Chronic noise exposure associates with increased cardiovascular disease (CVD) risk; however, the role of confounders and the underlying mechanism remain incompletely defined. The amygdala, a limbic centre involved in stress perception, participates in the response to noise. Higher amygdalar metabolic activity (AmygA) associates with increased CVD risk through a mechanism involving heightened arterial inflammation (ArtI). Accordingly, in this retrospective study, we tested whether greater noise exposure associates with higher: (i) AmygA, (ii) ArtI, and (iii) risk for major adverse cardiovascular disease events (MACE).
Adults (N = 498) without CVD or active cancer underwent clinical 18F-fluorodeoxyglucose positron emission tomography/computed tomography imaging. Amygdalar metabolic activity and ArtI were measured, and MACE within 5 years was adjudicated. Average 24-h transportation noise and potential confounders were estimated at each individual’s home address. Over a median 4.06 years, 40 individuals experienced MACE. Higher noise exposure (per 5 dBA increase) predicted MACE [hazard ratio (95% confidence interval, CI) 1.341 (1.147–1.567), P < 0.001] and remained robust to multivariable adjustments. Higher noise exposure associated with increased AmygA [standardized β (95% CI) 0.112 (0.051–0.174), P < 0.001] and ArtI [0.045 (0.001–0.090), P = 0.047]. Mediation analysis suggested that higher noise exposure associates with MACE via a serial mechanism involving heightened AmygA and ArtI that accounts for 12–26% of this relationship.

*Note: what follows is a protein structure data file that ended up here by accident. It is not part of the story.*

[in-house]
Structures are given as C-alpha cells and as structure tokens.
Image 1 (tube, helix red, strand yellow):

Our findings suggest that noise exposure associates with MACE via a mechanism that begins with increased stress-associated limbic (amygdalar) activity and includes heightened arterial inflammation. This potential neurobiological mechanism linking noise to CVD merits further evaluation in a prospective population.